Perfection in horary is loosely defined as “the thing happening”, so in a question about a job opportunity, the perfection would be the querent getting the job. It’s the holy grail of most (if not all) horary charts and it’s the astrologer’s job to find it or find what’s stopping it.
There are four main methods of perfection, many of which have already been discussed in previous posts in the series; joining, translation, collection, and emplacement.
Joining is the easiest to understand and the most used, but it’s the most difficult to master as it has the most variables associated with it. Essentially perfection by joining occurs when the planets signifying the querent and queisted aspect one another. It sounds pretty simple, but there’s also reception, nature, dignity, house placement, and about ten thousand more things to consider before finally arriving to a judgment about if a particular aspect is going to be able to really do anything.
Translation and collection are other methods of perfection that have been discussed in previous entries in the series. They also have some reception and nature variables to take into consideration before deciding if they can perfect the matter.
The fourth way perfection can occur is through emplacement. This hasn’t been previously discussed, but is essentially when the significator of the queisted is within the First house. This is something of an unreliable technique as the best results have been gained through lost items or missing pets charts where having the significator of the item or pet in the First house is an argument that it will return. This doesn’t seem to work very well for other types of questions; the Lord of the Tenth being in the First doesn’t automatically suggest the querent will get a job, for instance. Likewise, it doesn’t translate well in reverse (querent’s significator in the house of the quiested) as this is a common sign of the querent’s focus or desire.
With the four different methods of perfection identified and defined, it’s important to discuss things that keep a suspected perfection from occuring.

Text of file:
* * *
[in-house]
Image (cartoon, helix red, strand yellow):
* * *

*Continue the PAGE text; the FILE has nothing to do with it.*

1) Escape- This is when a faster planet applies to a slower planet, but before the aspect is perfected the slower planet slips into the next sign. We’ll say Venus at 20° wants to apply to Mars who is at 29°. Mars is going to go into the next sign before Venus gets to him, so we say that Mars has escaped her. However, Umar tells us that escape can still be overcome if the fleeing planet does not come into contact with any other planet before his pursuer catches up to him. This process relies entirely on application and not perfection. So if Jupiter is sitting at 12° of the Sign Mars just entered into, if Mars can’t hurry up and get within orb of Jupiter before Venus catches him, her application will still take effect.
2) Refranation- This is when a planet applies to another, but the applying planet goes retrograde before the aspect perfects.
3) Prohibition- This occurs when our two significators are applying to one another, but before it’s perfected a third planet gets in the way either with it’s body or its aspect. Venus at 20° wants to apply to Mars at 29° again, but Mercury at 19° will pass by the both of them and prohibits their meeting.
4.)Frustration- This is another version of prohibition where the slower planet in an applying aspect will meet with a third planet first. Mercury at 5° applies to Saturn at 11°, but Venus at 8° frustrates the conjunction because she gets to Saturn first.
These four methods of interruption are why it is important to always investigate aspects to make sure they are completing as expected. Otherwise you’ll never know when that applying Venus is going to go retrograde and ruin everything.